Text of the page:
The plot is convoluted for sure and there is no real need to describe it. It’s about a well planned murder with lots of twists and turns and unforeseen events. The actors are terrific being led by Ray Milland, Grace Kelly, Robert Cummings and John Williams.
The film is in every sense made with a three part structure, starting off with part I: Discussing the plan and testing it out. Followed by part II: excecuting the plan. It ends with part III but what that entails you will have to see for yourself.
What They Have in Common
Both films could easily have been made solely as a play. Lucky for us, they didn’t. Two murder mysteries, both with extremely witty players – improvising as they go, extremely well written scripts, all in one location (one room for Hitchcock’s) and both made by directors who were wise enough not to interfere stylistically. They let the scripts do the talking while they themselves only has to point the camera.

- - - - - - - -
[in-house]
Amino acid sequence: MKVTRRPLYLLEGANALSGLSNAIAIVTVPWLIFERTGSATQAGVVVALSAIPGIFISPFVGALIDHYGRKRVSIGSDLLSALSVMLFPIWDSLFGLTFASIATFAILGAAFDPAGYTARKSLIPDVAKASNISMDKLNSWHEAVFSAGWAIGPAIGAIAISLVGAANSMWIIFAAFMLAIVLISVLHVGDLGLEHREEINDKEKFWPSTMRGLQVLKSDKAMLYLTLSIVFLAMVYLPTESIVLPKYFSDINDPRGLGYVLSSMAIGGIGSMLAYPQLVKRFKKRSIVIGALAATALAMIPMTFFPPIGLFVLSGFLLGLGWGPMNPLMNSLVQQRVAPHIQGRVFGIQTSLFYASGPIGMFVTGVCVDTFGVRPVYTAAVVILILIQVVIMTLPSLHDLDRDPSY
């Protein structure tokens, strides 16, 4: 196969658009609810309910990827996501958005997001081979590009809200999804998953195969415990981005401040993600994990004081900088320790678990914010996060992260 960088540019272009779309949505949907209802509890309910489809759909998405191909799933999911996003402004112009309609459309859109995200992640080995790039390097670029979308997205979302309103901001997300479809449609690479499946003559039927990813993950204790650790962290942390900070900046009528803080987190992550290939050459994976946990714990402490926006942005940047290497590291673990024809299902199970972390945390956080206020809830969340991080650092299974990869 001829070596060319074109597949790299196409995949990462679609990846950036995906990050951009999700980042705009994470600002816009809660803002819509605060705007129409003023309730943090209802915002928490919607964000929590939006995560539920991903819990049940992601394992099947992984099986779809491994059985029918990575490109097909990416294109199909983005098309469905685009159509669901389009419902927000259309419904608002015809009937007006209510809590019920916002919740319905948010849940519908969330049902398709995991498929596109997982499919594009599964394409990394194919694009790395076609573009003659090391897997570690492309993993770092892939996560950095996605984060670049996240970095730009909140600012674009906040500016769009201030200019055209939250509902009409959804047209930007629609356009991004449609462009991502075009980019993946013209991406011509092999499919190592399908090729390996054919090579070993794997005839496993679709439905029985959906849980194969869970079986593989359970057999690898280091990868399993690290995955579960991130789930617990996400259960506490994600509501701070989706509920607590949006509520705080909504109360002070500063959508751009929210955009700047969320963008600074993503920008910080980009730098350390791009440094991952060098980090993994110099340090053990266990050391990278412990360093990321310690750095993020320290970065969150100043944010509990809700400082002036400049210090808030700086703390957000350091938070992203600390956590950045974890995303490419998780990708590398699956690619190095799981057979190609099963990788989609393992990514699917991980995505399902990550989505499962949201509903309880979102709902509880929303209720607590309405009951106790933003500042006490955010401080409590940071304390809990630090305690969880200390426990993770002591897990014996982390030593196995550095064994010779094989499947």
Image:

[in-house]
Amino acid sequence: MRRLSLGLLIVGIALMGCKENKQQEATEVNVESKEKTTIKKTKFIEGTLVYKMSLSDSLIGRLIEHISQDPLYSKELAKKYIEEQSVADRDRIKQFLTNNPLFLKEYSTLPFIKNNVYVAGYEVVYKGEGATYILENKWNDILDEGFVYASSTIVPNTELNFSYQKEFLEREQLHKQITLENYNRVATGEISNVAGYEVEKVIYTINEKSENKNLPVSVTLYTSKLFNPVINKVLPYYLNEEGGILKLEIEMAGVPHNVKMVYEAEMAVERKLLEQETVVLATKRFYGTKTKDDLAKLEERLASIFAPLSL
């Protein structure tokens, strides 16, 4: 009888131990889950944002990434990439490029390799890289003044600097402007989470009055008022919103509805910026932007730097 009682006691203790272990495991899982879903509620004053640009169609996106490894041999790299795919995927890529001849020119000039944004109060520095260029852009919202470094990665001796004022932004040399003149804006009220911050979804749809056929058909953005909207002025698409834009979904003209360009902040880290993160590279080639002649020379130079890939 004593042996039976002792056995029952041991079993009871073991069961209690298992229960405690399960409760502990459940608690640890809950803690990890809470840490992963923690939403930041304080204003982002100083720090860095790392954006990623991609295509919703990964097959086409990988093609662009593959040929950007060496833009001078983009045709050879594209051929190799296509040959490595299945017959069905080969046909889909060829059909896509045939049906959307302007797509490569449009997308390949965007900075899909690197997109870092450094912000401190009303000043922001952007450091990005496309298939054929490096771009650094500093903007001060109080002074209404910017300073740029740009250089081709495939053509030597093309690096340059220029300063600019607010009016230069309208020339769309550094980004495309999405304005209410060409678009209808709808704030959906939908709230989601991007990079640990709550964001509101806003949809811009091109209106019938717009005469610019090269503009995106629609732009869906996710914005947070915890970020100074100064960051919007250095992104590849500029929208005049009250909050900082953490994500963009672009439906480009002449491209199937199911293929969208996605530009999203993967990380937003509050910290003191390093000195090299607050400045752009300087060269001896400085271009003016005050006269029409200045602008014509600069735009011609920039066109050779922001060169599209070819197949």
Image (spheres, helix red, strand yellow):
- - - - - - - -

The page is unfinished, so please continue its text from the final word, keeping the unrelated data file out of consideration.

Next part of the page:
5. Nosferatu: a Symphony of Horror & Nosferatu: The Vampyre
Nosferatu: a Symphony of Horror
There is a whole list of lists that’s being dominated by one certain gothic masterpiece. It’s one of the top 10 greatest silent films of all time, top 10 greatest horror films of all time, top 10 greatest German films of all time. It’s the first vampyre film and the greatest still.
We are all familiar with the story of Dracula (The name Dracula was here changed to Orlok) A real estate agent sells Count Orlok a house. The count traps the agent and makes his way across the seas, with one intention: to spread fear and death. (This is a gross simplification of the plot, but since it’s so well known, it’ll have to do). Max Schreck is brilliant as the chilling rodent-looking demon that through each new screen adaption turns more and more handsome.